The two polar opposites of Behaviorism and psychoanalytic psychology, clenched together in eternal disdain, slowed work in cognitive and physiological psychology through at least 1950. The severe differences between these fields show no respite as we witness the intellectual world circa the late 1940s. Psychologist Howard Gardner’s authoritative history of the development of cognitive science clarifies the chilling and limiting effects of the astringencies of Behaviorism:

“ So long as Behaviorism held sway- that is during the 1920s, 1930s, and 1940s- questions about the nature of human language, planning, problem solving, imagination and the like could only be approached stealthily and with difficulty if they were tolerated at all.” (33)

3. Formal Logic and the Universal Turing Machine

Cognitive psychology was essential to AI. Until it was pursued, even the basic premise that mental phenomena could be studied was not effective. Yet while it languished, formal logic moved forward. Formal Logic, especially productive during the Thirties, was an essential infrastructure for the development of computer languages. Its creators were philosophers, who worked independently from the electrical engineers. However, these strains would merge, very quickly, with the appearance of theories of intelligent automata and with computers. Logical positivism, a German and Austrian philosophical school, carried forward the advances of formal logic from the 19th century. It stated that real objects in the world were verifiable and could be clearly stated in a formal language. Formal logic attempted to describe items in the world in relation to each other. During the course of the 19th century, and into the early 20th century, the work of Frege, Boole and Bertrand Russell clarified formal symbolic references for belonging in a group, for qualities which shared common elements of two groups, the existence of objects, and some of their semantic (descriptive) properties. This level of formal logic would need to be elaborated greatly to allow for further description. Later, AI would incorporate formal logic in the Lisp language, invented by John McCarthy, as one of its major early intellectual advances.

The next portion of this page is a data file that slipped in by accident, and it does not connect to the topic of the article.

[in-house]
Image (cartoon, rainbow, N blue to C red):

The progress of the field of logic toward binary formal languages went as far as the Principia Mathematica, published by Bertrand Russell and Alfred Whitehead during 1907 through 1910. Russell and Whitehead developed a formal language for the expression of objects, but did not develop a rich semantics for their description. This achievement hung in the air with little progress until the 1930s. At that time, other logicians set a cap on the further achievements of consistency in logic. But at the same time, logic also affirmed the possibility of computation.

David Hilbert, Schroeder, Russell and Whitehead, and the other mathematicians and logicians of the ‘logical positivist’ movement, had aimed to render formal logic, specifically first order predicate logic, as capable of expressing and indeed reiterating the objects in the real world (34). The caveat to that initiative was imposed by the Czech-German Kurt Godel (1906-1978), who trained in Vienna, moved to the USA in 1938 and settled to research at the Institute for Advanced Study. Godel's 1932 Habilitationsschrift (35) at the University of Vienna stated his most lasting contribution- the famous ‘yes, but’ which is known as the incompleteness theorem.

This work discovered that consistent logical systems may not always be able to verify themselves, nor to express every true sentence. These are Godel’s Theorems, or the Second and the First Incompleteness Theorems of 1931, respectively (36). In addition to the finding that there are some- albeit mostly hypothetical- limits to formal logic’s conquests, Godel’s work also proved the completeness of first order predicate calculus. Several years later, the American logician Alonzo Church demonstrated that FOPC is undecidable (37). Like Godel’s thesis, Church’s theorem (1936) does not hamper the application of formal logic, specifically FOPC, to computer languages for use in workable technology (38).